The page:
3. I'm not normally a fan of (auto)biographies, but My Outdoor Life is a pleasant read. You can feel throughout the book, Ray Mears isn't really comfortable talking about himself, which make the story he brings a humble, honest one.It is a very personal, small tale, which is best read when you are already familiar with the figure of Ray Mears and his work.

    4. Like many fans of Ray Mears I had been waiting for this.When I finished reading it I had mixed feelings. Whether he found it difficult to write about himself, as others have mentioned, or whether you cannot categorise a life as in the same way as his instructional books, may be the problem.Certain things are worth comment.He wrote feelingly about his first wife and the tragic sudden end of her life. In doing so he mentions her two children from a previous marriage. He tells that her death caused [...]

    5. Bushcraft / survival books are generally very interesting to me, so this autobiography seemed a natural progression, even though I didn't know anything about Ray Mears, and had never seen his shows. I'm always on the look out for good books on the outdoors that may inspire the family, and when reading that the qualities he admires most in others are fortitude, understatedness, loyalty and stoicism, it definitely caught my eye. Whilst I wholeheartedly liked a number of his observations about life [...]

    6. I've always enjoyed Ray Mears' television programmes. Partly it's his relaxed but obviously passionate and knowledgeable demeanor but mostly it's his obvious respect for the indigenous people of the wild areas he visits. It makes sense that the best source of information about how to survive and indeed thrive in a challenging environment are the people who live there.His writing style is similar to his delivery on TV and you can hear his voice in his words, which makes for a comfortable read. Hi [...]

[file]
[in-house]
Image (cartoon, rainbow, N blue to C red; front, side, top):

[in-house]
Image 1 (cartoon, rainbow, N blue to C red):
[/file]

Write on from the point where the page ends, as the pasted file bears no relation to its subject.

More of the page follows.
7. I seldom read auto/biographies but am sometimes compelled to buy one when I find that I'd actually be interested in how someone got to where they are. Good old Ray. I enjoy his TV work and envy his skills and lifestyle. I often wish I could go to Alaska and survive alone in the wilderness for a year or two.But living in the woods and being self-contained, especially when you're earnest and hard-working as Ray just doesn't make for interesting reading. The poor guy constantly feels the need to de [...]

    8. Ray Mears has been a joy to watch on TV over the years, but reading his autobiography, I realised I knew next to nothing about this amazing man. His passion, intellect and spirit all shine through his words in equal amounts, and he has so many stories to share, from tracking as a child, his practice of Judo, his scary encounters in Africa (with people, not beasts), and his involvement in tracking down murderer Raoul Moat. A tough cookie with uncompromising self respect, yet so friendly and not a [...]